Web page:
Alfalfa Herb C/S, Organic, 1/2 lb.(AHC-2)
With its bright green leaves and sweet, grassy aroma, Alfalfa is perfect for your favorite tea blend or to sprinkle on salads, soups and more! The seeds of alfalfa can be sprouted to add protein to your meals. Alfalfa is also popular as cattle and livestock feed.
Often referred to as the “king of plants”, Alfalfa is extremely rich in vitamins and minerals. It has 8 essential amino acids, and one of the highest chlorophyll contents of any plant. Alfalfa is used as a base in many combinations and vitamin formulas, because it permits rapid assimilation of plant elements.
Common Names: alfalfa, lucern, buffalo herb
Excerpts from The How to Herb Book
The name alfalfa means "Father of all Foods." It has been called the king of plants because it is extremely rich in vitamins and minerals including iron, calcium, magnesium, phosphorus, sulfur, chlorine, sodium, potassium, silicon, and trace elements.
- A good source of carotene (Vitamin A) and a little known vitamin – Vitamin K.
- Has eight of the essential amino acids and the highest chlorophyll content of any plant. Note: Essential amino acids are not made by the body, but have to be supplied daily by our food or supplements.
- Permits rapid assimilation of plant elements; this is one of the reasons alfalfa is used as a base in many combinations and in vitamin formulas.
Precautions: Avoid while taking blood-thinning agents.
Excerpts from Nutritional Herbology
Alfalfa herb contains natural chlorophyllins (the green coloring matter in plants) which degrade rapidly when the plant is cut. For example, compare the green color of uncut alfalfa to the brown color of baled alfalfa hay. This color change is due to oxidation of the chlorophyllins.
Modern technology has developed a way to extract and preserve chlorophyll before it degrades so that we may have its many benefits. The most common starting material is freshly cut alfalfa.
Alfalfa is an excellent herbal source of vitamin A, vitamin C, niacin, and vitamin B-1.
Alfalfa herb is high or very high on the following nutrients:
From Our Reading and/or Experience...
- Avoid using Alfalfa while taking blood thinning agents.
- We use it often in tea and tincture combinations. Of course, it can be used in many other types of remedies. For instance, it can easily be ground up, and used in capsules.
- Alfalfa is a food, as such; keep it in the kitchen as all other food ingredients. We add it to dishes (salads, meat dishes, soups, stews, etc.) in small amounts so as to add nutritional value to the dish without changing the flavor.
- Alfalfa can be used to benefit anyone: men, women (including before, during or after pregnancy, and nursing), children and animals.
- It can be used as often as you would like, and in any way you choose.
- As is the case with most herbs, Alfalfa should be stored in a dark, dry, and cool place. Refrigeration or freezing is great, but certainly not necessary. Following these suggestions will delay the loss of its highly valued nutritional and medicinal properties.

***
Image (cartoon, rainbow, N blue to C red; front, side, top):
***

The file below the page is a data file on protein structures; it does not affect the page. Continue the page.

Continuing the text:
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Nervine Tincture Recipe
A great combination of herbs to help you relax and unwind at the end of a long day.
WHAT YOU'LL NEED
- 1/2 cup Alfalfa
- 1/4 cup Chamomile
- 1/4 cup Peppermint
- 1/4 cup Passionflower
- 1/4 cup Catnip
- 1/4 cup Oatstraw
- 1 tablespoon Hops
- 1 tablespoon Valerian
HOW TO MAKE IT...
Mix all the dried herbs and place in a clean quart jar, then pour 2/3 cup of boiling water over them. Allow to soak for a few minutes. Fill the jar to within 1/2 inch of the top with Glycerine and put a cap on the jar. Place jar in a crock-pot full of water and turn it on low. I keep it “cooking” (not boiling) for 3 days, stirring once everyday. The glycerine will turn golden brown and have a strong plant smell. On the third day, strain the warm liquid through a cheese cloth and squeeze all the liquid out of the cooked herbs. The liquid is the tincture; the pulp can be discarded. Keep the tincture in a glass jar in a cool, dark place, and it will keep for months or even years. I fill small brown glass dropper bottles with my herbal tinctures and label them, including dates.
Feed Your Cells Vinegar Tincture
Make our vinegar tincture especially designed to aid digestion and boost vitamin and mineral absorption into the cells.
WHAT YOU'LL NEED
- 1/4 cup Alfalfa Herb
- 1/4 cup Ginger Root
- 1/4 cup Fennel Seed
- 1/4 cup Fenugreek Seed
- 1/4 cup Nettle Leaf
- 1/4 cup Oatstraw Herb
- 1/4 cup Peppermint Leaf
HOW TO MAKE IT...
- Your glass jar should be about half full. Pour apple cider vinegar over the herbs and fill to 1 inch below the rim of the jar.
- Secure the lid, shake the herbs and store in a cool dark place for 2 weeks. Shake daily.
- After two weeks, strain off the herbs from your Cell Feeding Tincture and enjoy! Don’t forget to label your tincture jar, and keep in mind that vinegar tinctures usually keep their good herbal properties for 1 year.